This case involved a dispute between a homeowner (Owner) and her homeowners association (Association) over who was responsible for the maintenance of a HOA drainage pipe located under Owners townhouse that leaked and caused flooding and property damage. Association obtained summary judgment in the trial court on the grounds that it had no responsibility for maintenance of the subject HOA drainage pipe because it did not service more than one unit (Owners unit). Owner disputed Associations contention regarding the number of units that were serviced by the subject drainage pipe and appealed the summary judgment granted by the trial court.
On review, the appellate court stated that, just because a particular fixture, item, or space is physically connected to, accessible from, or associated with a single unit is not dispositive of the issue of whether or not that fixture, item, or space is a common element within the homeowners association. The court noted that the designation of common areas must be tailored to conform to the physical layout of the premises, and where a particular fixture, item, or space provides a common benefit to more than one unit, it may be deemed to service more than its physically appurtenant unit and thus may properly be classified as a common element for which the governing board or association is responsible.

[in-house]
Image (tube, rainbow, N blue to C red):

The appellate court reversed the trial courts judgment after finding that an engineer retained by Owner had opined that the subject pipes served more than Owners unit, thereby creating an issue that precluded the granting of a summary judgment by the trial court. The appellate court ruled that Owner should have been afforded an opportunity to demonstrate at trial that, in view of the physical layout of the property, the pipes in question were common area that should have been maintained by Association.
See case decision: McDonald_v._Whitney_Highland_Homeowners’_Ass’n_Inc.